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Good Samaritan Rescues Toddler Left In Hot Car

CROWLEY (CBSDFW.COM) - Quick thinking and attention to detail kept an emergency from turning tragic after police say a grandmother left a child alone in the car on a sweltering day.

Crowley police and fire fighters were called to the Walmart Monday afternoon, and found two women inside the store frantically trying to cool off a two year old girl.

Around 5:30 p.m. Monday, police say the child's grandmother,Deborah Reece, 60, left her in her car in the parking lot while she went grocery shopping.

Reece is charged with child endangerment, a 2nd degree felony. She is out of the Crowley jail on bond Tuesday night.

Police say Reece told them her granddaughter was asleep when she got to Walmart, and she did not notice her when she got out of the car.

Surveillance footage shows the child was left alone, strapped into a safety seat with the engine off for nearly an hour.

A woman pulled into the parking space next to the car, and noticed the child screaming. She tried the door, and found it unlocked.

Ashleigh Womack was leaving Walmart just as the woman ran up to her with the child.

"I said, 'Ok, we need to take her inside. Get her cooled down, get to law enforcement," Womack said.

Womack took the toddler from the other woman, and went straight to a store police officer, and then to find cold water.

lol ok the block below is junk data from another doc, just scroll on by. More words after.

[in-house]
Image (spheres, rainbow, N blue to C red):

She described the child's condition.

(credit: CBS 11 News)

"She was very sweaty, very flushed. Her cheeks were just bright, bright red. I could wring water out of the ringlets of her hair," Womack said.

"She just lay in my arms. I held her for about 30 minutes," Womack said.

First responders took the child to the hospital, where she was treated for heat exhaustion and released late Monday night.

Temperatures in Crowley registered 95-97 degrees outside at the time.

Police credit the first woman to notice the toddler, as well as Womack, as Good Samaritans who saved the child's life.

As mother of two, including a two year old daughter, Womack says she just followed her instincts to help.

"If I had been the very first one to that door and it had been locked, I wouldn't have given it a second thought to run around to the other side and break a window," said Womack.

(©2014 CBS Local Media, a division of CBS Radio Inc. All Rights Reserved. This material may not be published, broadcast, rewritten, or redistributed.)

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